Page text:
Bush makes several "plain error" arguments that neither the trial court nor the Court of Criminal Appeals addressed; only one of those calls for any discussion here. That argument is that Bush's incarceration for 16 years awaiting the execution of his death sentence constitutes cruel and unusual punishment prohibited by the Eighth Amendment of the United States Constitution.
Bush relies primarily upon Lackey v. Scott, 885 F. Supp. 958 (W.D. Tex. 1995), a case in which an inmate claimed that his lengthy incarceration on death row constituted cruel and unusual punishment. There, the federal district court stayed the execution in order to address the issue, but the Fifth Circuit Court of Appeals vacated the stay, holding that this particular claim was barred. See Lackey v. Scott, 52 F.3d 98 (5th Cir. 1995). On Lackey's petition, the Supreme Court issued a per curiam order granting a stay of execution "pending the district court's consideration of petitioner's petition for a writ of habeas corpus." Lackey v. Scott, 514 U.S. 1093, 115 S.Ct. 1818, 131 L.Ed.2d 741 (1995). The district court, based upon Fearance v. Scott, 56 F.3d 633 (5th Cir.), cert. denied. ___ U.S. ___, 115 S.Ct. 2603, 132 L.Ed.2d 847 (1995) (which held that the legal theory underlying a Lackey claim is not novel and thus does not meet the novelty exception to the abuse-of-the-writ doctrine), dismissed Lackey's claim as an abuse of the writ. See 83 F.3d at 117. On appeal, the Fifth Circuit affirmed, holding that "Lackey's claim . . . fails on the merits, because White [v. Johnson, 79 F.3d 432 (5th Cir. 1996), cert. denied, ___ U.S. ___, 117 S.Ct. 275, 136 L.Ed.2d 198 (1996)], holds that inordinate delay in carrying out an execution does not violate the prisoner's Eighth Amendment rights. Id. at 439." Lackey v. Johnson, 83 F.3d 116, 117 (5th Cir.), cert. denied, ___ U.S. ___, 117 S.Ct. 276, 136 L.Ed.2d 198 (1996).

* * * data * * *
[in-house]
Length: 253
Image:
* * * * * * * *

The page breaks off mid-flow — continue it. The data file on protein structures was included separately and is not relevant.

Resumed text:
Nevertheless, the same issue has also been addressed by the Ninth Circuit Court of Appeals in McKenzie v. Day, 57 F.3d 1461 (9th Cir.), cert. denied, 514 U.S. 1104, 115 S.Ct. 1840, 131 L.Ed.2d 846 (1995), where McKenzie, the petitioner, argued that a 20-year delay in the execution of his death sentence amounted to cruel, unusual, and arbitrary punishment. The Ninth Circuit stated:
" 'A defendant must not be penalized for pursuing his constitutional rights, but he also should not be able to benefit from the ultimately unsuccessful pursuit of those rights. It would indeed be a mockery of justice if the delay incurred during the prosecution of claims that fail on the merits could itself accrue into a substantive claim to the very relief that had been sought and properly denied in the first place. If that were the law, death-row inmates would be able to avoid their sentences simply by delaying proceedings beyond some threshold amount of time, while other death-row inmates — less successful in their attempts to delay — would be forced to face their sentences. Such differential treatment would be far more 'arbitrary and unfair' and 'cruel and unusual' than the current system of fulfilling sentences when the last in the line of appeals fails on the merits. We thus decline to recognize Richmond's lengthy incarceration on death row during the pendency of his appeals as substantively and independently violative of the Constitution.'